Occasionally I’m asked which I prefer writing or reviewing, a résumé or LinkedIn profile. To use a tired cliché, it’s like comparing apples and oranges. The first fact we have to realize is that each has its own purpose.
The second fact is that, although the résumé and LinkedIn profile are trying to accomplish the same goal, show your value; they are different in many ways. One of my pet peeves is looking at a copy and paste of the résumé to the profile. It’s just plain wrong, and you’ll see why as you read this article.
Purpose of each document
Your résumé is most likely the first document hiring authorities will see, so your value-add must make an immediate impact. If not, your chances of getting interviews are very slim.
You will send your résumé in response to a specific job. As such, it must be tailored to each job and contain keywords. Failing to do this will adversely impact your résumé’s chance of getting past the applicant tracking system (ATS).
Lastly, you use push technology with your résumé; therefore far fewer hiring authorities will see it.
Your consistent message of value-add demonstrated through your résumé carries over to your LinkedIn profile. Your profile is NOT focused on a specific job; it is static and more general.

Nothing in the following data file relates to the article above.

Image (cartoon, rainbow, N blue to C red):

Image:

Most likely you’ll have a résumé constructed before you build your profile. Therefore, the stronger your résumé, the easier to build your LinkedIn profile.
You rely on pull technology with your profile, as hiring authorities find you by entering your title, areas of expertise, and location if relevant.
Comparing the two
I’ve broken down the sections of the résumé and LinkedIn profile to compare them side-by-side. It’s easier to see the differences this way. As mentioned earlier, it’s similar to comparing apples and oranges.
Note: Sections 1 through 6 are those which both documents possess. Further down this article are sections the LinkedIn profile has and most likely the résumé doesn’t.
Résumé: A headline tells potential hiring authorities your title and a line below it your areas of expertise and perhaps a two-word accomplishment (Cost Savings) in approximately 10 words.
It is tailored to the job at hand, like most sections on your résumé. Most executive-level résumés have a headline.
LinkedIn profile: Similar to your résumé, a headline will tell hiring authorities your title as well as your major strengths. It is more general and includes more areas of expertise.
One benefit I see with the profile headline is it allows more characters to work with than the résumé. You have a little over 200 characters or slightly more than 35 words. If you want to include a short branding statement, this could be a nice touch.
Résumé: The résumé’s Summary sometimes gets overlooked in a hiring authority’s rush to get to the Employment section. The key to grabbing their attention is creating accomplishment-rich verbiage, such as:
Operations manager who consistently reduces companies’ costs through implementing lean practices.
There are two other points I emphasize with my clients. The first is that the Summary should not exceed 110 words or three lines; the shorter the better. The second is there should be no fluff or clichés included in it. Instead of using adjectives, employ action verbs that do a better job of showing rather than telling.
LinkedIn profile: Your profile’s About section will differ from your résumé’s Summary for a number of reasons.